Clothing and textile manufacturing's environmental impact and how to shop more ethically
We’ve talked about the environmental impact of chemical dyeing, but these processes have other risks as well. Chemical dyeing also takes a major toll on the health of textile workers and people living downstream from textile factories, elevating their risk of cancer. In regions where farmers live downstream from textile factories, they may also wind up unknowingly using toxic water to irrigate nearby fields and spread the health impacts of the textile dyeing process to the entire region.1

The problem is compounded by the fact that textile factories in foreign countries often have few if any workplace safety regulations, so many workers do not wear protective gloves or even shoes in high chemical areas, and some even eat lunch in the middle of polluted factories.2 Since most textile demand is in Western countries and most dye factories are in poorer parts of China, Bangladesh and India, our desire for fast fashion is literally poisoning the already impoverished. That doesn’t mean, however, that textile workers in the U.S. don’t face risks too. Even in nations with stricter safety regulations, workers who deal with chemical dyeing face an elevated risk of cancer.3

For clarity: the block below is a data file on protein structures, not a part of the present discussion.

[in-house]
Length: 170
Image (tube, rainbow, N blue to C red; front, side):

At Sustain, we want no part in this cycle of destruction. Our dyes are 100% natural, non-toxic, and made from plants and insects. After all, it’s much easier to provide safe conditions from workers when they are dyeing with plants like marigold as opposed to compounds we can’t pronounce the names of. Additionally, dyeing with natural ingredients protects our water – our "waste" water is “polluted” with residual plant nutrients and vitamins, so it’s actually beneficial for plants or irrigation downstream. That’s much better than toxic sludge, wouldn’t you say?


1 “Toxic Sludge Irrigating Fields for 20 Years,” The Tribune (April 7, 2009).

2“River Blue,” documentary film, (2016).

3"Occupational bladder cancer in textile dyeing and printing workers: six cases and their significance for screening programs,"  J. Occup Med., Vol. 32(9), pgs. 887-90 (Sept. 1990).

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